Editorial Feature

Age Hardening – Metallurgical Processes

Age hardening, also known as precipitation hardening, is a type of heat treatment that is used to impart strength to metals and their alloys. It is called precipitation hardening as it makes use of solid impurities or precipitates for the strengthening process. The metal is aged by either heating it or keeping it stored at lower temperatures so that precipitates are formed. The process of age hardening was discovered by Alfred Wilm.

Malleable metals and alloys of nickel, magnesium and titanium are suitable for age hardening process. Through the age hardening process the tensile and yield strength are increased. The precipitates that are formed inhibit movement of dislocations or defects in the metals crystal lattice. The metals and alloys need to be maintained at high temperatures for many hours for the precipitation to occur; hence this process is called age hardening.

This article will look into the techniques of age hardening and their applications.

Techniques of Age Hardening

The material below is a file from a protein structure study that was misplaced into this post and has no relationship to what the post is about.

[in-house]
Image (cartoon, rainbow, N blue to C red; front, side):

The process of age hardening is executed in a sequence of three steps. First the metal is treated with a solution at high temperatures. All the solute atoms are dissolved to form a single phase solution. A large number of microscopic nuclei, called zones, are formed on the metal. This formation is accelerated further by elevated temperatures.

The next step is the rapid cooling across the solvus line so that the solubility limit is exceeded. The result is a super saturated solid solution that remains in a metastable state. The lowering of temperatures prevents the diffusion. Finally, the supersaturated solution is heated to an intermediate temperature in order to induce precipitation. The metal is maintained in this state for some time.

Age hardening requires certain parameters for the process to be successfully completed. These requirements are listed below:

  • Appreciable maximum solubility
  • Solubility must decrease with fall of temperature
  • Alloy composition must be less than the maximum solubility.

Advantages of Age Hardening

Some of the advantages that age hardening offers are listed below:

  • Imparts high tensile and yield strength to the metal
  • Enhances wear resistance
  • Age hardening facilitates easy machinability
  • Does not cause distortion to the part.

Industrial Applications

Some of the industrial applications of age hardening are listed below:

  • Strengthening of metals like aluminum, nickel, stainless steel and titanium
  • Hardening gate valves, engine parts, shafts, gears and plungers
  • Strengthening balls, bushings, turbine blades, fasteners, molding dies and nuclear waste cracks
  • Treating aircraft parts, processing equipment and valve stems.

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